I wanted to look at Indian cinema through the lens of it being a major contributor to the global cinema canon and Yash Chopra seemed like the perfect lens to explore that because of the longevity of his career and the fact that he had worked across so many different genres. His films, for so many of us, defined what Hindi cinema is.

— Smriti Mundhra

As “The Romantics” unveils, in a mere episode — a challenging feat in itself — Chopra did experiment with multiple genres as a budding filmmaker, initially under the shadows of his elder brother B.R. Chopra. From the religiously sensitive “Dharamputra” and the trendsetting “Waqt” to the action-packed and iconic “Deewaar.” It wasn’t until later on in his career that he set a precedent for a Hindi film having a wholly romantic narrative; though “Waqt” did offer the perfect glimpse into what would go on to become Chopra’s cinematic imprint. And then came “Chandni” which ushered in a new era for Hindi cinema; defying the formulaic approach to box office success and making love stories the golden goose.

In the words of more than 30 famous faces, a host of archival videos and interviews, and personal anecdotes, audiences get an extensive insight into the life and career of Yash Chopra and the evolution of his vision through the business acumen and genius of his polar opposite son and a famous recluse, Aditya Chopra. “The Romantics” is not a fancy portrait of a legendary filmmaker but an exploration of what goes into making a successful film family and a path-breaking production house. As viewers, we not only get a peek into the making of a fantasy creator but also learn of the many failures, hurdles and uncertainties that the business of filmmaking comes packaged in, the impact of socio-political shifts on the kind of content being produced and demanded, and just how much control we have as an audience over the fate of the film and the filmmaker.

For both the uninitiated and fanatics, there are some interesting revelations like Shah Rukh Khan’s lifelong desire to become an action hero as opposed to a romantic one and the creative conflict between Aditya Chopra and his father Yash Chopra on the sets of “Dilwale Dulhania Le Jaayenge” — a project that, surprisingly, did not seem too promising to the latter. Mundhra penetrates deep into the family’s history and industry relationships evoking some really candid conversations; almost as if these celebs were eagerly waiting for their moment to speak. With one appraising interview after the other, it’s a panegyric that does border on being a tad tedious but there is enough depth and fodder in there to keep one hooked. Kudos to Mundhra for managing to achieve cohesion despite there being more than enough material to chew on. In the process of bringing this project to life, Mundhra also ends up achieving a number of milestones: one that the series features the last of actor Rishi Kapoor’s interviews and two, it brings Aditya Chopra, who, it appears, can talk a blue streak contrary to popular belief, to the front of the camera after almost two decades. The moment when he puts the nepotism debate to rest by referring to his brother’s catastrophic attempt at acting is quite the show-stealer.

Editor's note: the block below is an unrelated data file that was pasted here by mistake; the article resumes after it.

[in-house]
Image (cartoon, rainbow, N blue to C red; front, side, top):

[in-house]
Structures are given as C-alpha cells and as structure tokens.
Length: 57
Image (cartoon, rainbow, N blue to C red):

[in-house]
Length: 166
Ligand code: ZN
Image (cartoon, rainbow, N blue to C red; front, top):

View this post on Instagram


A post shared by Smriti Mundhra (@smritimundhra)

At some point during the four-episode series, you might question if it’s fair to credit the Yash Raj family for being the only real changemakers of the Hindi film industry and for picking up the baton to get Hindi cinema the global recognition that it has. But then there is no denying the Chopra clan’s body of work, their ability to understand what pleases the crowd and their commitment towards growth and progress amidst changing times and technology — Yash Raj Studios is in fact the only privately held and one of the biggest, state-of-the-art film studios in India. Chopra’s career and legacy are in no way under-lit that Mundhra can claim to throw new light on with “The Romantics.” But what she really has on offer here are sheer nostalgia, some fascinating discoveries and an ode to a cinephile and his art with a bit of fan service.

In an interview with Brown Girl Magazine, Mundhra discusses why it was so important for Chopra to be the subject of her docu-series, her own learnings during the series’ research and creative process and her accomplishment of getting Aditya Chopra to talk, and that too, at length.

By Nida Hasan

Editor by profession, writer by passion, and a mother 24/7, Nida is a member of Brown Girl Lifestyle's editing team … Read more ›